The upshot of that is that conservative holdouts with more fundamental doubts about Trump are now more isolated than ever. Pressure will be intense to get on the bandwagon or else to fundamentally break with the party and the movement. A more normal Trump is fundamentally more dangerous and more marginalizing to those who recognize that there’s still nothing particularly normal about him.

Loser: John Gregg

A Democrat running statewide in Indiana never wants to get too comfortable, but under the circumstances the former Indiana House speaker’s campaign to unseat Pence and become governor was in pretty good shape. Pence is not popular in his home state after years of controversies, and is regarded by most Hoosiers are markedly inferior to his Republican predecessor, Mitch Daniels.

Gregg, by contrast, is a well-liked and well-respected moderate Democrat who polls showed narrowly ahead of Pence.

But with Pence forbidden by Indiana law to run for VP and governor simultaneously, he won’t be on the ballot — giving the GOP a chance to put a fresher, more popular face in his place.

Winner: Donald Trump’s media domination

The Republican nominee is very, very, very good at getting media attention. He was good at it when he was a real estate developer and casino manager, and he remained good at it as he pivoted his career to reality television and personal brand licensing. This skill served him extremely well during the GOP primary, when he was up against a crowded field that created a situation where standing out per se was an advantage.

Trump’s problem is that his tactics for media domination often involved saying or doing things that made him look ridiculous or appalling.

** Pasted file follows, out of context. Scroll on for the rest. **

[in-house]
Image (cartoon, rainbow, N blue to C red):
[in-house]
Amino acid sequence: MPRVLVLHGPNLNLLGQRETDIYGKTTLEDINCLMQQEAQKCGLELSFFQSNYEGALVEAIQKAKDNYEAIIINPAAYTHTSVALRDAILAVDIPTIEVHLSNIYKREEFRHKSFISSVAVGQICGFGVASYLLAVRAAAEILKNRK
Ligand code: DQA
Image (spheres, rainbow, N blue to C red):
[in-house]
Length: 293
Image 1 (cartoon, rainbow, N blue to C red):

The series of leaks, counter-leaks, and reversals built suspense and dominated political news for days without Trump needing to do anything particularly alienating or off-putting. He took a week when Hillary Clinton was hoping to launch some new attacks and turn the discussion away from her emails and made himself the center of attention.

Winner: Mike Pence

The chance to be the No. 2 on Donald Trump’s presidential ticket is not exactly the greatest prize in the history of American politics. But a week ago, Pence was an unpopular governor who’d fallen a bit out of step ideologically with the main currents in his party. Now he might be vice president. And if he becomes vice president, he might well become president some day. And even a failed vice presidential bid will greatly increase his name recognition and potentially his stature in the movement.

In some ways, the most interesting question about this is why so few of Pence’s fellow Republicans even seemed interested in the prize — senators like Bob Corker and Rob Portman and Govs. Susana Martinez and Nikki Haley explicitly took themselves out of the running, while other, more-popular-than-Pence Midwestern governors like Michigan’s Rick Snyder and Wisconsin’s Scott Walker simply never entered the conversation.

Several Republican governors, of course, aren’t endorsing Trump at all, which is obviously a perfectly good reason not to be his running mate. But for those who are, surely it’s better to be on the ticket than not. Yet out of the entire fairly vast field of more or less banal Republican Party elected officials, only Pence really seemed to want it.